This week’s format is different from past posts. I was taken by the stories of these three women over the past week, so I thought I would highlight their accomplishments in case you missed these stories. I hope you are as inspired by them as I am! I would love to hear your thoughts, so comment away or feel free to send me an email at firstname.lastname@example.org
This week brings us the stories of three courageous women who stood up to the world in different ways. Demonstrating the courage to stand up to sexist and racist systems, each woman had a different outcome, but their steeliness in the face of oppression deserves our attention and congratulations.
Olivia De Havilland
Our first Fierce Woman is the actor Olivia De Havilland who died at the age of 104 this week. Ms. De Havilland started her career with Warner Brothers film studio playing roles as a blushing ingenue alongside Errol Flynn in several movies, but she craved meatier, more complex roles. Ms. De Havilland’s most famous role as Melanie in “Gone With the Wind” was one that she had to fight her studio president, Jack Warner, to obtain since it was produced by a different studio. Upon her return, she began refusing roles, and Warner punished her by suspending her repeatedly. Upon reaching the end of her seven-year contract, Warner told her that she was still “studio property” because she owed him the time from when she was suspended. She sued and the case wound its way up to the Supreme Court. The Court found in her favor and she was freed from the contract. As a result, none of the Hollywood studios could use suspensions as punishments to extend actors’ contracts beyond seven years as had been custom. It became known as the “De Havilland Rule”, and it changed the power dynamic between studios and actors. Actors now had much more control over which parts they would take or refuse, thanks to Olivia!
Our second Fierce Woman is Representative Alexandria Ocasio-Cortez. If you have not already watched the video of Rep. Ocasio-Cortez from July 20, please take a moment now to do so. It is a master class in explaining how language matters, especially the language that leaders use. In her composed and patient rhetoric, she takes down the man who called her a “fucking bitch”, Representative Ted Yoho. She lays her case out in a calm demeanor and says that it was not so much the fact that he called her a vulgar name that drove her to speak out, but his use of the “Daughter Defense” in his non-apology. She explains that when Representative Yoho referred to having daughters and a wife as a defense, he was giving all men permission to use the same offensive language. She says,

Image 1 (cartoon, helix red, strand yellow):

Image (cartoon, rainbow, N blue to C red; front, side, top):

“And this I could not allow … I could not allow the victims of verbal abuse, and worse to see that – to see that excuse and see our Congress accept it as legitimate. I do have issue with using women, our wives and daughters as shields, as excuses for poor behavior. I am someone’s daughter too. I am their daughter, and they did not raise me to accept abuse from men.”
Brava to Representative Ocasio-Cortez for standing up to a bully of a man! Having that speech read into the Congressional Record will be one cited for the ages.
Professor Maureen Healy
Our third Fierce Woman is more personal and meaningful to me. It goes to my sister-in-law, Maureen “Mo” Healy. Mo is a professor of history at Lewis and Clark College in Portland, OR. More importantly, Mo is a wonderful and compassionate woman, mother, friend, and yes, a protester. Mo was peacefully protesting in Portland last Monday evening along with many others. She was nowhere near the front of the protest and was simply chanting with the crowd when the federal troops shot some sort of impact munitions (amazing the terms we are having learn now) into the crowd. She was hit in the head close to her eye. Fortunately, there was a medic who was able to attend to her and call her husband to take her to the emergency room. She sustained a concussion and a laceration next to her eye. While I am horrified that Mo was hurt, I am incredibly proud of her for standing up for what is right. Recently deceased Representative John Lewis would have lauded her for creating “good trouble”. You can read Mo’s full statement here, but the sentence that stood out to me is, “It dawned on me when I was in the ER, and had a chance to catch my breath (post tear gas): my government did this to me.” Indeed they did, now what are the rest of us going to do?